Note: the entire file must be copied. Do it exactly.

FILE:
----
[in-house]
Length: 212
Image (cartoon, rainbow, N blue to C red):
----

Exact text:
[in-house]
Length: 212
Image (cartoon, rainbow, N blue to C red):